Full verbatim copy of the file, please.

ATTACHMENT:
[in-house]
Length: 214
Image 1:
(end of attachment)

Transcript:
[in-house]
Length: 214
Image 1: